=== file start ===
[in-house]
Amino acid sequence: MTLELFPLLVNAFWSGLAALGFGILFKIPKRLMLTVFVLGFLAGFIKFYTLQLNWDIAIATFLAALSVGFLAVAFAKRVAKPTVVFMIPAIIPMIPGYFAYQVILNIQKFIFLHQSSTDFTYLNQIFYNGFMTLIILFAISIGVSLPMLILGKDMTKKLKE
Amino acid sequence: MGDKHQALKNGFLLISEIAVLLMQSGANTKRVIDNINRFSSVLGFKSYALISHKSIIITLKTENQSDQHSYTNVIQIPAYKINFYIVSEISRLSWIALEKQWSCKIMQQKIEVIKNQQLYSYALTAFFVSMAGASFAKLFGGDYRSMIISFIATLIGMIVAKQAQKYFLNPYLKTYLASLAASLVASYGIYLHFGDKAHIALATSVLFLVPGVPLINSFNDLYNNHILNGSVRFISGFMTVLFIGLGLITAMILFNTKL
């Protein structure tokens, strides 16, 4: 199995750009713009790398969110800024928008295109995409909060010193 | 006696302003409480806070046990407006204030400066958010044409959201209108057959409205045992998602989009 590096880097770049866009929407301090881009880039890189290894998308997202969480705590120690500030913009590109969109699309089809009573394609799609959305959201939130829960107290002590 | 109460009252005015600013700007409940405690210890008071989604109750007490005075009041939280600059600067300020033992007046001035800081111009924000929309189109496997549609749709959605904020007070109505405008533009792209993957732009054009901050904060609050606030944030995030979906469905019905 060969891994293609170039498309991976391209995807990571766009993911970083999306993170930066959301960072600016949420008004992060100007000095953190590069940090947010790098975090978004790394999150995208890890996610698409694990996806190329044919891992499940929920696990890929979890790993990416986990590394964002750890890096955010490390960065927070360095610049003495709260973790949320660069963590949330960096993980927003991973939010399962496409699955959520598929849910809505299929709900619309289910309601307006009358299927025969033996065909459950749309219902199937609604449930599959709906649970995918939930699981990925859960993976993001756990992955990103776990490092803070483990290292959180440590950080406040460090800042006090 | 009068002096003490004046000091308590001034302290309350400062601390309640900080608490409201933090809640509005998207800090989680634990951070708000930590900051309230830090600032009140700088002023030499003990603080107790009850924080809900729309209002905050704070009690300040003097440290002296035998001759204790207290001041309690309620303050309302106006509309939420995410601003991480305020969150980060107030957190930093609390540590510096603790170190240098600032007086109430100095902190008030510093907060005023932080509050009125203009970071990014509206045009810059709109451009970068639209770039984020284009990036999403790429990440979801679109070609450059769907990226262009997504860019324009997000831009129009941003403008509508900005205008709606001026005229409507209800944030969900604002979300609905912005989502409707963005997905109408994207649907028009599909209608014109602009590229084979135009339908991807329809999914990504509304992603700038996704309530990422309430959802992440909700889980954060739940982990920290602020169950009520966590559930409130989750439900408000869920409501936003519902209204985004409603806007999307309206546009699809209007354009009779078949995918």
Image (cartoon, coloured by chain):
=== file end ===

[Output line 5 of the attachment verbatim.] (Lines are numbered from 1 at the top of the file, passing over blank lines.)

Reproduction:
Image (cartoon, coloured by chain):